I am deeply in love with this “library card art” series from WingedWorld at Etsy
Derrick Gordon, a sophomore starter for the University of Massachusetts men’s basketball team, stepped forward Wednesday as the first openly gay player in Division I men’s college basketball, sharing his story with ESPN and Outsports.
Times, they are a-changing.
LGBT activist Kirill Fedorov was violently assaulted by anti-gay protesters during the St. Petersburg gay pride rally in June. He was later arrested.
Photo by Mads Nissen featured in “From Russia With Love: Photos of Brave Gay Activists Fighting Homophobia" at MotherJones
Twenty years ago, I was in 5th grade in a suburb of St. Louis, MO.
I knew about Kurt Cobain because my dad is into music. When he bought our first CD player, he bought two CDs to play in it. One was Green Day’s “Dookie”. The other was Nirvana’s “MTV Unplugged in New York”. When I’ve asked him about those choices, he said he was interested in the evolution of punk.
We listened to both of those albums a lot. They were added to the regular rotation of shared music in my household that also included The Beatles, Bonnie Rait, Hall & Oates, The B-52s, Elvis Costello, The Talking Heads, Blondie, and Eric Clapton.
I quickly learned more Nirvana. My friend Jody had an older brother who was into grunge rock and Jody and I used to trek to the record store in town to buy cassette tape singles of bands he suggested. My friend Lauren and I bought In Utero on CD. I started listening to the radio in a different way. My sister and I used to prefer the local Oldies station but that year we started tuning in to 105.7, “The Point”, the first full-time alternative rock station in St. Louis. Grunge rock — alternative rock — was the first music that felt like it belonged to me. Like I discovered it. Like the musicians had created it for me.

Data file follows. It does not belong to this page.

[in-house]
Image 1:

I was 11. I wanted to marry Kurt Cobain when I grew up. I thought his ripped jeans and flannels were dreamy. I loved the way his voice sounded like soft sandpaper on the unplugged album. I loved how raw and loud he was belting out the chorus of “Lithium”. I thought he looked fragile and rough at the same time and I thought that was exciting.
20 years ago today, Kurt Cobain killed himself. A few months later, two little girls in the St. Louis area were kidnapped and killed. My child’s mind wove these events together. It is how I know the world is not a safe place.
I kept growing up. I never stopped loving Nirvana. If anything, my appreciation for Kurt Cobain and his legacy increased. In middle school, I hung posters of him on my wall. In high school, I played “Smells Like Teen Spirit” on repeat. My heart still soars every time I hear its opening chords. In college, I bought copies of Kurt’s journals as soon as they were published and swooned over the intimate stories he told about my new idols, the Riot Grrls.
I miss you, Kurt Cobain. I wish you had lived long enough to fade away.
Dear misogynist mainstream hip-hop music,
You suck. But thanks for the awesome beats - totally made my run more fun.
Superman that ho,
Dear Other Visitors to Prospect Park,
What? You’ve never seen someone compelled to dance while also running?
Crazy right here,
Dear 30 Minute 5K,
I can see you from here. I’m coming to get you.